If, on the other hand, you're working with something that has a lot of data, the ability to get the data back in multiple formats like XML, or has a lot of parameters or paths available for accessing the information (for example, ProPublica's non-profit API has search parameters for pages, by state, by category, by 501 designation, etc), make note of them, and start thinking about how much of the data you might want to work with for your first project (and making sure you're querying in a way that will return JSON!).

Know that while there are conventions when working with these APIs, every API will be set-up differently. Be sure to also take note of any rate limiting (how frequently you can make requests either per second, day, or other measurement) your API of choice might have in place. Also, when you do get to the actual coding part, be thoughtful while testing your get coding so that you don't - say - call the end-point in any kind of infinite loop.


Odds are high that they're not going to let you keep doing that. Just remember that these are free resources that are letting us experiment, explore, and work with their data.

If you don't understand everything or one part of it after your first pass - that's fine because the next step is:

3)Reread the Documentation

Seriously - this will save you time. It can be tempting to just start diving in and trying to brute force your way through it. The documentation may or may not be dense but the more time you spend with it, the easier it will become. And the more you work with and understand one API, chances are that much higher it will pay off for the next one you want to work with.


4)Now Start Playing Around

If you have the JSON formatter extension installed, the easiest thing to do is to take the endpoint and throw it straight into your browser's http/search bar. Though you may be new to JSON, if you've made it to asynchronous JavaScript, you will likely recognize the way the data is being stored. You will be looking at a combination of nested objects and arrays that use almost the same syntax as JavaScript. You may be looking at a large swatch of many sets of data, or you may be looking at other routes or paths that you can start digging in to.

Using the knowledge that you gleaned from your documentation, you can start trying out your query strings and path options in the browser. Start by figuring out how you can access either the first piece of the data available to you or any one small section of the data. On some, it might be as simple as adding an id number like one at the end of a path:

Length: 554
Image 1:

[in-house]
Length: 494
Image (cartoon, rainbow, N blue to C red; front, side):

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While '1' might seem rather simple, the idea holds up in . For example to view Propublica's tax records from within it's own API (meta - right?) you could throw this in your browser:
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It's a longer string but one that follows the preceding format. Others will let you search by name which will often provide a ?q= or ?query= path to note.

By the way - if you look at that Propublica data set or any other and feel a panic at the amount of data that exists - do not be overwhelmed! When you're starting out, you do not need to use every piece of data that every point offers - you just want to familiarize yourself with the form and get accustomed to working with it!

If you start looking around and you start running into something like this:

{"status": 404,
 "error": "Not found"
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That's okay! As Obi-Wan never said, "These aren't the end-points you're looking for." Go back to the documentation and make sure that you're understanding your pathing and checking your query strings where appropriate.

Once you have that first piece of data, you can open up your browser's devtools (function+F12 works for most browsers/operating systems). For the moment, make sure you're entering the following code in the console on the same page as the end-point you're going to use as fetch requests from an outside domain may be automatically blocked. Navigate to the console portion of devtools, edit the provided URL location below, and throw the following code in:

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You should see the same object - but now you can start working with it in your text editor! The fetch() command (which amusingly enough, is a web API itself), when using it for a 'GET' request, works in a similar fashion as when you're making a request from your browser. After that, the first .then() statement helps us parse the JSON structure into a JavaScript data structure, and then the second .then() logs that sweet sweet data to your console. Congrats! You now have your first line of code and can start focusing on the fun things you want to do with it.